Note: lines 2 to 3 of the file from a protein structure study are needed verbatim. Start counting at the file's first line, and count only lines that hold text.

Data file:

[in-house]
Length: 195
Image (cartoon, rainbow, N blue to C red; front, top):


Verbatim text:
Length: 195
Image (cartoon, rainbow, N blue to C red; front, top):